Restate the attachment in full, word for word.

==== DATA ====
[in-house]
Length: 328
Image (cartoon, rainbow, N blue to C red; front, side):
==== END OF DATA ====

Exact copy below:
[in-house]
Length: 328
Image (cartoon, rainbow, N blue to C red; front, side):